Hard News by Russell Brown

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Hard News: Cultures and violence

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  • Sacha,

    Sociologist Douglas Ezzy offers a well-reasoned psychological angle.

    There are two ways of responding to deadly violence such as the school shooting in Connecticut.

    We can respond violently, as a way of protecting ourselves from the fear and anxiety we feel. Or, we can respond by making ourselves more vulnerable, by putting aside the guns and aggressive behaviours that feed the cycle of violence.

    ...

    The person who responds violently to violence finds it difficult to see that they themselves, or a member of their circle of family and friends, may be the person who initiates violence. Rather, the threatening mass murderer is always “other,” a random killer, a mentally ill person, an ethnic other. Uncertainty, fear and vulnerability are repressed or denied, and anger and murderous desires are projected onto the threatening “other”.

    ...

    In contrast, the vulnerable response actively wrestles with fear and the desire to inflict violence. The vulnerable response recognises that we all have the capability, and sometimes the desire, to inflict great suffering on others in response to our fears and anxieties. Rather than being driven by these murderous desires, I search for alternative responses to my fear and murderous desires.

    The person who chooses vulnerability keeps foremost in their mind the suffering that violence inflicts on others. My priority is to prevent or reduce suffering, even at the expense of making myself more vulnerable. From this perspective it makes sense to significantly reduce access to deadly weapons.

    ...

    Emotional self-understandings are culturally produced.

    Ak • Since May 2008 • 16741 posts Report Reply

  • Bart Janssen,

    I'm not sure I believe the US is inherently more violent. But I just don't know. My experiences living in Texas, California and Arizona showed me that sometimes certain groups in the US can have extreme views. Because of the size of the country it's fairly easy for a whole town to develop extreme views on what is normal and right. Anyone who disagrees can move away.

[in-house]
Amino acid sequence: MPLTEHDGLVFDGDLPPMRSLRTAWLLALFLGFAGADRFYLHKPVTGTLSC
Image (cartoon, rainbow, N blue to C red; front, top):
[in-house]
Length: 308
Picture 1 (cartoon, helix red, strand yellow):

What I do know is the data shows that the access to guns and handguns in particular, means that when violence does occur it is likely to be lethal.

    What the data also shows is that, like NZ, in most cases the violence is either self-directed or directed at ones family. The NIH has done comparisons between US and Canadian cities and concluded that owning a gun, particularly a handgun, is an enormous health risk to you and your family.

    Where there is a huge cultural difference between NZ and the US is around the concepts of freedom. For many Americans there is an unquestioning association between freedom and gun ownership. In some of the places I lived it was a concept that could not be questioned. It was like trying to explain that the sky is blue to someone who insists it is green.

    But there are very many Americans who hold what we would think are perfectly normal and reasonable attitudes to violence and guns. It is a big diverse country and it is difficult to generalise.

    Circular rambling comment is circular and rambling.

    Auckland • Since Nov 2006 • 3414 posts Report Reply

  • DeepRed,

    Already the usual “none of this would have happened if the victims had guns” arguments have come out, if the response isn't stony silence. It’s classic Social Darwinism: shoot or be shot. And what then if the perps just happen to be professionally trained, fully licensed and wearing body armour, like Anders Breivik and James Holmes?

    The southernmost capital … • Since Nov 2006 • 4351 posts Report Reply

  • Gareth Ward,

    I think it's also pretty clear that America needs to contemplate not only gun control, but the cultural role that gun violence plays in its society.

    Absolutely, to the point that legislative responses are probably a small drop in the ocean compared to the wider cultural change needed (indeed you could argue the state legislative realities are just a reflection of underlying culture). Unfortunately that seems to manifest itself as "too hard so we won't even take the legislative step" thinking.

    Auckland, NZ • Since Mar 2007 • 1721 posts Report Reply

  • Gareth Ward, in reply to DeepRed,

    Already the usual “none of this would have happened if the victims had guns” arguments have come out

    Mindblowing isn't it - when your honest argument is "we should have handguns IN PRIMARY SCHOOLS" you'd expect someone to think they might have something wrong somewhere...

    Auckland, NZ • Since Mar 2007 • 1721 posts Report Reply

  • Russell Brown, in reply to Bart Janssen,

    Where there is a huge cultural difference between NZ and the US is around the concepts of freedom. For many Americans there is an unquestioning association between freedom and gun ownership. In some of the places I lived it was a concept that could not be questioned.

    I was about to engage someone on Twitter who declared (among other things) that "America is a culture that was built on the principle of liberty against tyranny, even if it takes bullets and blood," but decided there was no point.

    He didn't seem likely to grasp that his culture might be in the grip of another form of tyranny.

    Auckland • Since Nov 2006 • 18957 posts Report Reply

  • David Cormack,